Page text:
An unknown spacecraft has arrived in earth’s orbit slowly destroying it while transmitting an incomprehensible signal. All attempts to interpret the signal have failed, but where everyone else couldn’t save earth, Kirk and his faithful crew shall succeed. With the Klingon ship from the previous film in their control, Kirk and his crew take the ship back in time to rescue the only animal that may be able to save earth: the humpback whale. Catherine Hicks stars as the whale biologist of the 20th century who aids Kirk and wins his heart.

Where the previous two films had an urgent tone, Star Trek IV: The Voyage Home has an unmistakably campy tone. Stocking up on corny fish-out-of-water jokes, the crew runs about in (what we call) the present trying to secure a power source for their ship and two whales to repopulate the future’s oceans. The movie succeeds in being incredibly entertaining, but the more nit-picky amongst the audience will find themselves wondering about the reckless chances the crew takes in the past. With the new remastered version on Blu-ray, The Voyage Home looks better than it ever has.

Blu-ray Bonus Features

Shudder. I have revulsion for this new commentary as I personally think Roberto Orci and Alex Kurtzman are worthless Hollywood writers. Even if they did write the new Star Trek film, their opinions on The Voyage Home couldn’t be less interesting to me. There’s really only one, great new extra feature on this disc and that’s the examination of these three films as a trilogy in the featurette titled “The Three-Picture Saga”. Considering how the rest of the films feel distant from these three in events, it really is incredible that these three were made within such close proximity and yet feel even closer chronologically than the original Star Wars trilogy without intentionally meaning to do so. Think about it: even the Star Wars trilogy, from one installment to the next, the characters have inexplicably jumped from where you last saw them to their locations at the start of each sequel. The yellow scrolling text may help to bridge that gap, but when compared to the near-perfect continuation between these three films, the Star Wars trilogy looks damn-near fractured.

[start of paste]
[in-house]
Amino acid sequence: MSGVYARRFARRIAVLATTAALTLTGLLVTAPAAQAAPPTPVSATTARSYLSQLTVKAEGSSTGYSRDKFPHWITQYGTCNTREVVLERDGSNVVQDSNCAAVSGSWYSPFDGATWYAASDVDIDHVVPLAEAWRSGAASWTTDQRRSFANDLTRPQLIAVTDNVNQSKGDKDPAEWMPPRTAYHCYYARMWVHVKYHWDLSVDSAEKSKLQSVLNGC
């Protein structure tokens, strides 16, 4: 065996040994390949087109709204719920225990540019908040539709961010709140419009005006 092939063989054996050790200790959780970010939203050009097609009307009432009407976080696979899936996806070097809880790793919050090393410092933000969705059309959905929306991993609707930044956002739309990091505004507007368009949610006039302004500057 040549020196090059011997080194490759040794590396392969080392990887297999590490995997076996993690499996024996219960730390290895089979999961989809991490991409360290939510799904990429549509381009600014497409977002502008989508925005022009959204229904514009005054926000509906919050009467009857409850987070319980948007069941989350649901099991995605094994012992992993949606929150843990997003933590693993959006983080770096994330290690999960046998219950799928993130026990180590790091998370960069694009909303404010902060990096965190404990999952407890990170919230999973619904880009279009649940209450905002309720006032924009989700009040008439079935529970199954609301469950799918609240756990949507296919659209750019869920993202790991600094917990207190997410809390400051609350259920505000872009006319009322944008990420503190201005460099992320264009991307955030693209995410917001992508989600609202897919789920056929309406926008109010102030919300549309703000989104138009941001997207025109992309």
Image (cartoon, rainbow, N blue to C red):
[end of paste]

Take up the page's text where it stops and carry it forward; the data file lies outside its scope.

"Star Trek: Motion Picture Trilogy" is on sale May 12, 2009 and is rated PG. Action, Adventure, Sci-Fi. Directed by Leonard Nimoy, Nicholas Meyer. Written by Harve Bennett, Leonard Nimoy, Steve Meerson, Jack B. Sowards. Starring Christopher Lloyd, Frank Welker, George Takei, James Doohan, Leonard Nimoy, Nichelle Nichols, Ricardo Montalban, Walter Koenig, William Shatner, John Vargas, Kirstie Alley, John Larroquette, Catherine Hicks, DeForest Kelley.

Lex Walker • Editor

He's a TV junkie with a penchant for watching the same movie six times in one sitting. If you really want to understand him you need to have grown up on Sgt. Bilko, Alien, Jurassic Park and Five Easy Pieces playing in an infinite loop. Recommend something to him - he'll watch it.